After performing with lavish orchestras in his previous tours, Caetano Veloso came on stage backed by the same simple guitar band backing that is featured on his latest disc, the rock-inflected Cê (recently reviewed here by Tad Hendrickson). The stage setting was also simple enough, with no more than the stage lighting and the theater's own bare walls. He entered the stage with little ceremony, opening with “Outro” and quickly moving on into the English-language  “Nine Out Of Ten,” a more obscure tune from his 1972 Transa LP, recorded shorty after he returned from England after a four-year forced exile and then into the Carnaval-inflected “Chão da Praça.”
Early in the show, Veloso's voice sounded a bit rawer than usual, but that suited the material played that night, which had more of a rock than a poppier Brazilian Popular Music (MPB) feel. He also showcased many songs from previous discs duly rearranged for a small band - the classic “Sampa” (a song he wrote in the late 70s in homage to the city of São Paulo) and “Fora de Ordem” stood out as examples.
In one of the concert's highlights, the band left the stage as he paused to speak about one of the songs as he picked up an acoustic guitar. After telling some of the story behind that tune, he ended with a comment from a Brazilian blogger that said that “everyone is tired of what Caetano Veloso has to say, but even worse is his guitar playing.” He then set to play “Coração Vagabundo,” a classic from his 1965 début (Domingo, which he did with Gal Costa) and the Spanish language ranchera classic “Paloma,” which became sort of a hit for him after Pedro Almodóvar featured it on his Oscar-winning Talk To Her.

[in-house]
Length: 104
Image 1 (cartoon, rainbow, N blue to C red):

Another great moment came with “Odeio” (I Hate) – only someone like Veloso could sing lyrics that express hate (the refrain simply says “I Hate You, I Hate You”) with a smile on his face – he later said that his friend and composer Jorge Mautner came to tears when he heard a demo of the song, telling him that Veloso had found the best way to express love by using the word “hate.”
At 65 years old, Veloso still retains plenty of his youthful energy, often prancing around on stage and doing a some samba steps during a few songs.  His band is incredibly tight, and the new arrangements to his older songs fit them like a glove. Caetano has reinvented himself, and he has done that with a perfection that few artists have been able to accomplish.